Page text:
He's my pick for greatest wrestler ever. This topic always frustrates me because whenever I pose it to other people, they just say "Undertaker" or "Shawn Michaels" or something like that. The 4 pillars were so far and away above anything WWE has produced that its not even funny. And it kind of bugs me that people who don't really know what they're talking about try to chime in with a so called "informed" opinion, when clearly the weight of something like "greatest ever" is lost on them.
Kobashi was always my favorite of the pillars (kinda goes without saying). I'm always entranced whenever I watch one of this matches, everything he did was so on the money that it was scary. Selling, psychology, telling a story, and his acting were all off the charts. I still remember my favorite singles match of his, vs Dr. Death from 8/31/93, where he's chopping him and Dr. Death starts no selling and showing his warrior spirit, and Kobashi just gets this angry/baffled look on his face like he's saying "what in the fuck ARE you?!" And there's a bit of panic in there as well. Kobashi's chops are famous, and seeing someone power back through them was startling, and for a split second he looked like he didn't know what to do. If his chops wouldn't work, what in the hell would? And this all got conveyed from one single look. His character was top notch, as well, from being a young lion and Misawa's buddy to emerging from his shadow and challenging him to NOAH where he was "the man". I mean, this is what I love about puro. When you look at it, its all so damn simple, yet so incredibly effective.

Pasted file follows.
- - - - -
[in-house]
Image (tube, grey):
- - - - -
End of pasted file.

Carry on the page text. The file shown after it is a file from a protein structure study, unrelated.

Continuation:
, the 6/9/95 tag with Misawa vs the Holy Demon Army is the GOAT match. Its just a spectacle and the finest display of pro wrestling I've ever seen.
WWE can't even begin to fathom the big picture, let alone the intricacies, of something like King's Road. Even beyond 4-5 guys looking strong, the idea of the new generation taking over from the grizzled veterans of old, the struggle to be the best, the warrior spirit, the growth of the characters both in and out of the ring (ie. needing to innovate new moves because their opponents were becoming resilient to the old ones)...these are concepts completely beyond them.